A nicely filmed and produced online performance by the London Philharmonic Orchestra and their Principal Conductor, Vladimir Jurowski, were on lively form in an eclectic programme from Bach to Elena Kats-Chernin whose Third Piano Concerto was given its European premiere.

Vladimir Jurowski conducts the LPO © London Philharmonic Orchestra
Vladimir Jurowski conducts the LPO
© London Philharmonic Orchestra

Bach's endlessly rich Orchestral Suite no. 1 opened proceedings in pert fashion. The scaled back orchestra had chamber music crispness and transparency. Nothing sounded laboured or rushed, so that all the intricacy of orchestration could be heard and the dancelike qualities were fully to the fore.

Elena Kats-Chernin is a name not overly familiar in this country, but her most familiar work is the music to the ballet Wild Swans. Born in the Soviet Union in 1957, she has lived in Australia since the early 1990s. Her output is extensive across all forms and the Piano Concerto no. 3 “Lebewohl” was written and first performed in Brisbane in 2018. Lebewohl, meaning farewell in German, is a work that charts the imagined process of loss and grief that Bach must have experienced with the loss of his wife Maria Barbara and three of their children. The work is in five movements the first of which shows the rawness of loss and various stages of grief are explored in the four remaining movements.

Alexandra Silocea © London Philharmonic Orchestra
Alexandra Silocea
© London Philharmonic Orchestra

The musical style is tonal with elements of minimalism and the piano writing is grateful and serving of the music and not the performer's technique. Alexandra Silocea gave what sounded like a completely authentic and committed performance. The two central slow movements both had touching moments, the second having a particularly affecting principal theme and atmosphere. It is an attractive, varied and effective work that certainly deserves to picked up by other soloists and orchestras.

George Enescu is a composer much admired and championed by Jurowski. He deserves more than the tiny corner of the classical concert repertoire than the occasional out of his Romanian Rhapsody no. 1 and his opera Oedipe. The two works on offer tonight certainly showed the composer at his most inspired and concise.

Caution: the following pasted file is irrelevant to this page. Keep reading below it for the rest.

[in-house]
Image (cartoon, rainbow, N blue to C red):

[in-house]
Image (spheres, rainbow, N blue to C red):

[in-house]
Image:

Vladimir Jurowski and Alexandra Silocea © London Philharmonic Orchestra
Vladimir Jurowski and Alexandra Silocea
© London Philharmonic Orchestra

The Decet for winds is an early work from 1906 that has a veiled tone and lushness of orchestration. The gentle first movements had a strange otherworldly Art Nouveau atmosphere. Only the odd moment of darkness interrupted its stately flow. Very polished playing from the double quintet of woodwind players produced the richness required here. The second movement moves away from Straussian harmonies to more folk-inflected and spicy harmonies. The opening passage has a strange eerie quality which is quickly dispelled by a lively central section. The final section combines the themes presented in an ingenious way. The lively finale is the most progressive of the movements in its tonal goal and structure. Jurowski held this performance together expertly, making sure the contrapuntal threads were revealed.

Enescu wrote his Chamber Symphony in 1954 shortly before a stroke ended his professional life. It is written for a group of twelve players including piano and has a harmonic language which can be seen to relate to the Decet written nearly 50 years earlier. However, by then composer had a much looser relationship with tonality. It is a work of great mystery and beauty. Its quality was much appreciated in the years after its first performance. In one movement the structure divides into the usual symphonic movement sections. Jurowski and the LPO certainly gave a most compelling, faultless performance. A work not known to many, but as persuasively presented here, unfairly so.


This performance was reviewed from the video stream on Marquee TV

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